Amir Taheri points out some, but by no means all or even the most important of the problems with the ongoing and ever-quixotic French project to build a French Islam, shorn, presumably, of un-French elements incompatible with French secularism. From Arab News via the Daily Times of Pakistan, with thanks to Anja:
Nicholas Sarkozy is a man in a hurry. France’s Interior Minister knows that he has less than five years in which to gain enough stature to seek the presidency after the incumbent, Jacques Chirac retires. Not surprisingly, whatever Sarkozy has done since he moved to Place Bueavais, the Parisian headquarters of the Interior Ministry has been marked by that timetable.
Thus, it is in a great hurry that Sarkozy wants to create what he describes as ” a French church of Islam.” Initially launched in the early 1980s, the project has been taken up, and dropped, by six successive ministers from both left and right. In 1987, one such minister, Charles Pasqua, described Islam as France’s “No. 1 problem.” The project aims at creating an officially recognized authority capable of representing France’s Muslims. Similar authorities exist for Catholic, Protestant, and Orthodox Christian communities as well as Jews. The so-called “French church of Islam” would decide who should attend official functions, and who should be consulted on matters of faith as far as the Muslim community is concerned.
Back in the 1980s this writer was invited by Pasqua to offer a view on the project. The response given at that time was that the proposed project would either prove impossible to apply or, if applied, could divide the Muslim community in France, and encourage radical fundamentalists.
There is no reason to hold a different view today.
Sarkozy, like his predecessors, fails to understand the specific nature of Islam as a religion.
Almost all of France’s Catholics, Protestant and Orthodox inhabitants are citizens of the French Republic who have grown up in a culture based on a separation of church and state. They are distinguished from other French citizens only by faith.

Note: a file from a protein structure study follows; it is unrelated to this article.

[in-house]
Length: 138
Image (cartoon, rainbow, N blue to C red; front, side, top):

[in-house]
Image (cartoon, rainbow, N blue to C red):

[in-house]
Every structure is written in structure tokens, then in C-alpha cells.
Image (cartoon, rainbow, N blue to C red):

France’s Jewish community is also distinct because Judaism encompasses religious, ethnic, and, to some extent, cultural identities. More importantly, the Jews have no ambition of converting others to their faith.
Islam is different. To start with, only half of the estimated 5.2 million Muslims who live in France are French citizens. And even many of those who do have French citizenship insist on keeping their previous Islamic nationality. (That is especially the case with the North Africans.) Clear ethnic, linguistic and cultural identities mark out most of France’s Muslims from the rest of society.
More importantly, the Muslims who live in France are divided into countless religious faiths and persuasions. There are, of course, all the usual Sunni and Shiite variations. But there are also numerous Sufi movements, especially among those of Turkish and Kurdish background. According to recent studies, France’s Muslims come from 53 different countries, speak 21 different languages, and represent numerous Asian, Middle Eastern, African and European cultures.
All these groups and movements would deeply resent any attempt by the French government to impose a single authority on them.
Taheri gets all the way to the most important point and then doesn’t make it. He correctly pointed out that “almost all of France’s Catholics, Protestant and Orthodox inhabitants are citizens of the French Republic who have grown up in a culture based on a separation of church and state.” And he was also correct in saying that “Islam is different.” But he doesn’t explain why Islam is different; it isn’t so much because it lacks organizational unity, which is the theme he expands upon here. Rather, it is because it is NOT a culture based on a separation of mosque and state.
Islam has always had a political character, and that “” not racism, or underclass resentment, or anything else “” is why it is France’s Number One Problem. The French have allowed millions of people to enter their country who do not accept its basic premises. Now, either those people must abandon their view, or those premises must change. Which one do you think is more likely to happen?